Posts Categorized: Democracy

retrieving gender balance

Power & Media The TIMN model, developed by David Ronfeldt describes how human societies have organized: first in Tribes, later with Institutions added (T+I), and in our current society where Markets dominate (T+I+M). As we enter an era where the Network form (T+I+M+N) gains dominance, most of the previous organizational forms will evolve to adapt… Read more »

architects of our future

Stanford Prison Experiment It has been generally thought in the popular press that the Stanford Prison Experiment showed that normal people act like sadistic guards when placed in a ‘prison-like’ environment. In this interview with Guy Kawasaki, Dr. Philip Zimbardo discusses his 1971 prison experiment, where students played their roles as guards or prisoners and abuses started within… Read more »

perpetual beta 2017

Blogging is one way I make sense of the world. This past year I wrote about 120 posts on various topics. What follows is a summary of some of my thoughts during 2017. My ways of seeing the world have changed over the years and blogging has helped to keep my thoughts in a state… Read more »

3000 half-baked ideas

“The commons is the only genuine alternative today that allows us to build a truly participatory economic production system. The commons can cause a global cultural revolution.” —Yochai Benkler Starting this blog in 2004 helped me connect with a global audience and share ideas with many people who over the years have become friends and… Read more »

democracy, data, and intelligence

Social media platforms may extend global participation and can be a force for better understanding but often emotions trump reason in an online world of constant outrage. The linear aspects of reasoning, a core part of a print-based society, are easily forgotten as is shown in the almost fatalistic acceptance that we live in a… Read more »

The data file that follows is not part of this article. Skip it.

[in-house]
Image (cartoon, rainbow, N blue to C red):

cities and the future of work

Note: This post is based on several earlier ones. These have been edited and synthesized to a single composition in advance of my sessions in Helsinki on 3 November 2017 with The National Foresight Network and the Prime Minister’s Office where we will discuss the transformation of work and its consequences. This post looks at the… Read more »

The Copenhagen Letter

I signed The Copenhagen Letter. Perhaps you should too, if you think that all people should control the technology that runs the world, not just the surveillance capitalists. Well, at least read it, please. To everyone who shapes technology today. We live in a world where technology is consuming society, ethics, and our core existence. It… Read more »

a convenience truth

Probably one the greatest barriers to positive change is convenience. For example, we know that automobiles contribute significantly to pollution, obesity, and greenhouse gases. However, most of us own at least one car and many of us own more than one. Why? Cars are extremely convenient. Having lived car-free in a rural North American town… Read more »

gamers, artists, and citizens

Gamers Learning is the new literacy. Personal computers are just one example. We buy new ones every few years. Operating systems change. Programs change, get replaced, or become obsolete. But we often continue with the same habits until something goes wrong. Few of us do the equivalent of ‘looking under the hood’. We learn enough… Read more »

populism is the first refuge of a scoundrel

Why is populism so darned popular in many parts of the world today? In stark terms, Cas Mudde, a Dutch political scientist, has defined populism as “an ideology that considers society to be ultimately separated into two homogeneous and antagonistic groups, ‘the pure people’ versus ‘the corrupt elite.’” … “Populism presents a Manichean outlook, in… Read more »